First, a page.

2. 2. Problem Statement: Intent vs. Reality <ul><li>Intent </li></ul><ul><li>Organizations stand up information security and security architecture as essential risk management practices, in line with “due care” standards. </li></ul><ul><ul><li>Requirement to design, develop and stand up programmatic approaches to information security on an authoritative, sustainable basis. </li></ul></ul><ul><ul><li>Requirement to design, develop and deploy systems that comply with generally accepted architectural standards. </li></ul></ul><ul><li>Reality </li></ul><ul><li>Obfuscation of practice “edges”. </li></ul><ul><li>Obfuscation of organizational spans of control. </li></ul><ul><li>Obfuscation of authority. </li></ul><ul><li>Obfuscation of professional skill sets. </li></ul><ul><li>Information security ≠ security architecture. </li></ul><ul><li>Security architecture ≠ information security. </li></ul><ul><li>Ready-Fire-Aim. </li></ul><ul><ul><li>Absence of a strategic plan and strategic planning for information security and security architecture. </li></ul></ul>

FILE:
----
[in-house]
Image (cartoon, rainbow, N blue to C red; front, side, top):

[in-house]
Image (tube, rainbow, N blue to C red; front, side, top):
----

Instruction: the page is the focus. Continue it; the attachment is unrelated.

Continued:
3. 7. Generally Accepted INFOSEC Assertions Confidentiality Integrity Availability Data-centric Identification Authentication Authorization Entity-centric ( h uman/system ) Non-repudiation Information Security Ecosystem Attribution Information Security Ecosystem Sustainability Risk - based Subsystems Data - centric Scalability Persistence Pervasiveness Organic INFOSEC Ecosystem Sustainable Risk - based Subsystems Data-centric Scalable Persistent Boundaryless Pervasive Organic INFOSEC Ecosystem Risk Mitigation Approaches Deterrence Avoidance Acceptance Transfer Recovery Restoration